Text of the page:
|Matthew Henry's Concise Commentary|
4:9-12 We should notice in others what is good, to their praise, that we may engage them to abound therein more and more. All who are savingly taught of God, are taught to love one another. The teaching of the Spirit exceeds the teachings of men; and men's teaching is vain and useless, unless God teach. Those remarkable for this or any other grace, need to increase therein, as well as to persevere to the end. It is very desirable to have a calm and quiet temper, and to be of a peaceable and quiet behaviour. Satan is busy to trouble us; and we have in our hearts what disposes us to be unquiet; therefore let us study to be quiet. Those who are busy-bodies, meddling in other men's matters, have little quiet in their own minds, and cause great disturbances among their neighbours. They seldom mind the other exhortation, to be diligent in their own calling, to work with their own hands. Christianity does not take us from the work and duty of our particular callings, but teaches us to be diligent therein. People often by slothfulness reduce themselves to great straits, and are liable to many wants; while such as are diligent in their own business, earn their own bread, and have great pleasure in so doing.
Verse 12. - That ye walk honestly; that is, honorably; seemly. Toward them that are without; without the pale of the Christian Church, toward those who are not Christians, whether Jews or Gentiles, the unbelieving world. So also, in another Epistle, the apostle says, "Walk in wisdom toward them that are without" (Colossians 4:5). That ye may have lack of nothing; either neuter, of no thing; or perhaps rather masculine, of no man; that ye be under no necessity of asking assistance either from heathens or from fellow-Christians; inasmuch as working with your hands will put you in possession of what is necessary for life; whereas idleness necessarily involves poverty and dependence on others.
Gill's Exposition of the Entire Bible
That ye may walk honestly,.... Decently, in good credit and reputation, providing things honest in the sight of all men, for themselves and families, and honestly paying every man his own; on which account it became them to mind their own business, and work at their trades; otherwise their walk and conversation would be scandalous, and not honest and honourable:
toward them that are without: the men of the world, who were without the church; see 1 Corinthians 5:12 profane sinners, unconverted Gentiles, that were without Christ and hope, and God in the world, and were aliens and strangers; and yet care should be taken that no occasion be given to such to reproach the name of God, the ways of Christ, and the doctrines of the Gospel:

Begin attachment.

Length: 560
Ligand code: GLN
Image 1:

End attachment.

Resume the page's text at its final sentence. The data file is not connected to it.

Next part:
and that ye may have lack of nothing; but have wherewith to supply the necessaries of life, and give to them also that stand in need, which is more blessed and honourable than to receive; or might not need any such instruction and exhortation, or any reproof for sloth and idleness; or not stand in need of "any man", as the Syriac version renders it; of the help and assistance of any, of any of those that are without, which would be dishonourable; or of them that are within, of the church, which might be burdensome. The Vulgate Latin version renders it, "that ye may not desire anything of anyone"; as the slothful man covets greedily all the day long what is another's, and this desire kills him, Proverbs 21:25 he covets an evil covetousness, and craves in a scandalous way the bread of others; when it would be more honourable for him to work with quietness, and eat his own bread got by honest labour, and not be beholden to another.
Jamieson-Fausset-Brown Bible Commentary
12. honestly—in the Old English sense, "becomingly," as becomes your Christian profession; not bringing discredit on it in the eyes of the outer world, as if Christianity led to sloth and poverty (Ro 13:13; 1Pe 2:12).
them … without—outside the Christian Church (Mr 4:11).
have lack of nothing—not have to beg from others for the supply of your wants (compare Eph 4:28). So far from needing to beg from others, we ought to work and get the means of supplying the need of others. Freedom from pecuniary embarrassment is to be desired by the Christian on account of the liberty which it bestows.
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